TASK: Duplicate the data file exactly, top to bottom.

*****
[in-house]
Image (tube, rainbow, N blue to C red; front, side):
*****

[in-house]
Image (tube, rainbow, N blue to C red; front, side):